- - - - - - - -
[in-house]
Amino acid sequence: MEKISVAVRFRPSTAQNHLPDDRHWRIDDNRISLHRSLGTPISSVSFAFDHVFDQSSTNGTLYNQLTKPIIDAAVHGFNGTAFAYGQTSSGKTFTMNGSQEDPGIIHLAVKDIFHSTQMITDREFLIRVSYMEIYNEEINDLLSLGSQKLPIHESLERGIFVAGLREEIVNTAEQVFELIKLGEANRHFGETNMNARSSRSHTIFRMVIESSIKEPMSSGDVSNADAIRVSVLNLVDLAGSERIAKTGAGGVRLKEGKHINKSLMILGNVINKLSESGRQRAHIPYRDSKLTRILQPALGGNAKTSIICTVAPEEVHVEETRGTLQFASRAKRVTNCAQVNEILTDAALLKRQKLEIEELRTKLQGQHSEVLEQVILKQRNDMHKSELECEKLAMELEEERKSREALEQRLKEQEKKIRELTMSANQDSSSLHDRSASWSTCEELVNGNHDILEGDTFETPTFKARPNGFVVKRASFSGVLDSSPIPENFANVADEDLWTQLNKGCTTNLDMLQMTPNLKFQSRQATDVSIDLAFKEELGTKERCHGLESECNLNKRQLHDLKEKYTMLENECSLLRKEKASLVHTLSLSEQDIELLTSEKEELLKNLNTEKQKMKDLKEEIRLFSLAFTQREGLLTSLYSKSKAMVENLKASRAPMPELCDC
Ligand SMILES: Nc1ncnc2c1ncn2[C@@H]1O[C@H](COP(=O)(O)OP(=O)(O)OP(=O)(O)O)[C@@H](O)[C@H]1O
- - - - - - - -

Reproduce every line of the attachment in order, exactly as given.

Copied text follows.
[in-house]
Amino acid sequence: MEKISVAVRFRPSTAQNHLPDDRHWRIDDNRISLHRSLGTPISSVSFAFDHVFDQSSTNGTLYNQLTKPIIDAAVHGFNGTAFAYGQTSSGKTFTMNGSQEDPGIIHLAVKDIFHSTQMITDREFLIRVSYMEIYNEEINDLLSLGSQKLPIHESLERGIFVAGLREEIVNTAEQVFELIKLGEANRHFGETNMNARSSRSHTIFRMVIESSIKEPMSSGDVSNADAIRVSVLNLVDLAGSERIAKTGAGGVRLKEGKHINKSLMILGNVINKLSESGRQRAHIPYRDSKLTRILQPALGGNAKTSIICTVAPEEVHVEETRGTLQFASRAKRVTNCAQVNEILTDAALLKRQKLEIEELRTKLQGQHSEVLEQVILKQRNDMHKSELECEKLAMELEEERKSREALEQRLKEQEKKIRELTMSANQDSSSLHDRSASWSTCEELVNGNHDILEGDTFETPTFKARPNGFVVKRASFSGVLDSSPIPENFANVADEDLWTQLNKGCTTNLDMLQMTPNLKFQSRQATDVSIDLAFKEELGTKERCHGLESECNLNKRQLHDLKEKYTMLENECSLLRKEKASLVHTLSLSEQDIELLTSEKEELLKNLNTEKQKMKDLKEEIRLFSLAFTQREGLLTSLYSKSKAMVENLKASRAPMPELCDC
Ligand SMILES: Nc1ncnc2c1ncn2[C@@H]1O[C@H](COP(=O)(O)OP(=O)(O)OP(=O)(O)O)[C@@H](O)[C@H]1O